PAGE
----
Depression in a fantasy world

Alexandra Brell

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Chances are most of you saw at least one movie over the semester break. Chances are you remained emotionally unscathed as a result. Chances are, though, some of you have fallen prey to the “Avatar” blues.

When I first heard about this epidemic, I rolled my eyes so high and far back in my head it hurt. Let me explain in case you haven’t seen this in the news or read about it in the blogosphere: Many people who have seen the movie “Avatar’ are claiming to be depressed, even having suicidal thoughts upon realizing their own lives and surroundings fall short of those in the world of Pandora, a moon in the Alpha Centauri star system that is the setting for the film.

In the interest of full disclosure, fact #1: I have not seen the movie in its entirety. I have seen a good portion and it looks incredible. Let me be clear: I am not debating the genius production skill of James Cameron, Jon Landau and the slew of others involved.

In the interest in full disclosure, fact #2: I am not claiming to be the poster child for complete mental health but I am doing all right. I am aware enough and empathetic enough to know that depression is not to be taken lightly.

If “Avatar” is a depressive trigger for you, then there may be underlying issues that need to be addressed. If you are bummed that your life sucks and you’re using “Avatar” as an example to justify how terrible the world is, if you think you will never achieve the feeling of utopia, and if you’re using it as a reason to no longer shower – give me a break.

This depressive state is an affront to those who may truly suffer from depression.

Any legitimate medical source, including the American Medical Association and the American Psychiatric Association, says that depression is a “serious medical condition” that can be triggered by a severe life-changing tragedy. Another theory is that depression is caused by a possible chemical imbalance.

If you are unfamiliar with depression, a little research will show you how prevalent it is among people of all ages. More importantly, you will learn how serious it can be.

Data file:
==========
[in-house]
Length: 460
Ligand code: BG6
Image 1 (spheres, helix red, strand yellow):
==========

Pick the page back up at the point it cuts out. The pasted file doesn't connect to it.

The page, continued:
However, if you are fragile enough to have your world shaken by producers and post-production experts in Hollywood, I’ve discovered some other cinematic depressives that run the risk of forcing you under the covers:

“Up in the Air” – If George Clooney is lonely, there’s no hope for you or me.

“It’s Complicated” – Meryl Streep has TWO men?

“The Princess and the Frog” – Ladies, please. Do you think you or your daughters will ever achieve the flawless beauty of a Disney princess?

Do you want to see examples of a less than charmed life? Do you want to see life-changing desperation that would take even the most mentally strong and cause them to wilt? Turn to any hard news outlet and let me know what you saw last week? Yesterday? What do you see today?

Life is meant to be imperfect. That’s part of the beauty of it all. Living, learning, loving and the uncontrollable – none of it is experienced without its flaws and missteps. The growth of mistakes is an underrated blessing.

If “Avatar” or any other fantasy story shows you the kind of world you think is out of your reach, then take some action for the greater good instead of retreating because you feel your life is inadequate. Get up off your ass, open the curtains, eat a sandwich and figure out ways you can be beneficial to society. Reach beyond your self-absorption and give to others. Try creating a universe in which we can all be happy to live.